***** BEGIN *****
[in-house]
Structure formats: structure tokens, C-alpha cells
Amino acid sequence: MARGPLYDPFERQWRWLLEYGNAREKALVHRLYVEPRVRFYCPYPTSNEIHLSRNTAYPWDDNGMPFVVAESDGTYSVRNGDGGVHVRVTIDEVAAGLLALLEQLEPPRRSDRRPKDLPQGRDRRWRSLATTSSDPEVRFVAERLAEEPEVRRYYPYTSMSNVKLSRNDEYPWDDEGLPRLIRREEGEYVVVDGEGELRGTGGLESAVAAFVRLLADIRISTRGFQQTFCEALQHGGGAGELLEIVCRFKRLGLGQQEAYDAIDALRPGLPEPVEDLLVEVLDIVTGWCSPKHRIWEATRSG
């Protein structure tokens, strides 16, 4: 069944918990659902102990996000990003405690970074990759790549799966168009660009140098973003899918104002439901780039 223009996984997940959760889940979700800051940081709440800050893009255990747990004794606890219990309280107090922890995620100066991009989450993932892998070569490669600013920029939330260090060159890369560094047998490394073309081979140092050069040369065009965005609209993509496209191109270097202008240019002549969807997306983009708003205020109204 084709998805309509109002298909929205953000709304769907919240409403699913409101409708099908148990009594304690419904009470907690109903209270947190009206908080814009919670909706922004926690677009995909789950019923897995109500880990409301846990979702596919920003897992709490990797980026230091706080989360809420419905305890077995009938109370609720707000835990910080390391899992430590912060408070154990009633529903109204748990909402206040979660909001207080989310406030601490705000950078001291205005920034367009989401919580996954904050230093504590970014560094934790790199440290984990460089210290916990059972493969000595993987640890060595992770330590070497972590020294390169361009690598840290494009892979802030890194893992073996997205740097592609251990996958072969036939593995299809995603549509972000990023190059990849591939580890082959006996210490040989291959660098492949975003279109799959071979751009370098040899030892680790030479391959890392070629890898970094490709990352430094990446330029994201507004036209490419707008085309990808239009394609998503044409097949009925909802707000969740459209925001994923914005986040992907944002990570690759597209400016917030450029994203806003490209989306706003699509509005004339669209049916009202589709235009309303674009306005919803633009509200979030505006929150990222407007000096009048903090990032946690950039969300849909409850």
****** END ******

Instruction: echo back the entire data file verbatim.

[in-house]
Structure formats: structure tokens, C-alpha cells
Amino acid sequence: MARGPLYDPFERQWRWLLEYGNAREKALVHRLYVEPRVRFYCPYPTSNEIHLSRNTAYPWDDNGMPFVVAESDGTYSVRNGDGGVHVRVTIDEVAAGLLALLEQLEPPRRSDRRPKDLPQGRDRRWRSLATTSSDPEVRFVAERLAEEPEVRRYYPYTSMSNVKLSRNDEYPWDDEGLPRLIRREEGEYVVVDGEGELRGTGGLESAVAAFVRLLADIRISTRGFQQTFCEALQHGGGAGELLEIVCRFKRLGLGQQEAYDAIDALRPGLPEPVEDLLVEVLDIVTGWCSPKHRIWEATRSG
């Protein structure tokens, strides 16, 4: 069944918990659902102990996000990003405690970074990759790549799966168009660009140098973003899918104002439901780039 223009996984997940959760889940979700800051940081709440800050893009255990747990004794606890219990309280107090922890995620100066991009989450993932892998070569490669600013920029939330260090060159890369560094047998490394073309081979140092050069040369065009965005609209993509496209191109270097202008240019002549969807997306983009708003205020109204 084709998805309509109002298909929205953000709304769907919240409403699913409101409708099908148990009594304690419904009470907690109903209270947190009206908080814009919670909706922004926690677009995909789950019923897995109500880990409301846990979702596919920003897992709490990797980026230091706080989360809420419905305890077995009938109370609720707000835990910080390391899992430590912060408070154990009633529903109204748990909402206040979660909001207080989310406030601490705000950078001291205005920034367009989401919580996954904050230093504590970014560094934790790199440290984990460089210290916990059972493969000595993987640890060595992770330590070497972590020294390169361009690598840290494009892979802030890194893992073996997205740097592609251990996958072969036939593995299809995603549509972000990023190059990849591939580890082959006996210490040989291959660098492949975003279109799959071979751009370098040899030892680790030479391959890392070629890898970094490709990352430094990446330029994201507004036209490419707008085309990808239009394609998503044409097949009925909802707000969740459209925001994923914005986040992907944002990570690759597209400016917030450029994203806003490209989306706003699509509005004339669209049916009202589709235009309303674009306005919803633009509200979030505006929150990222407007000096009048903090990032946690950039969300849909409850």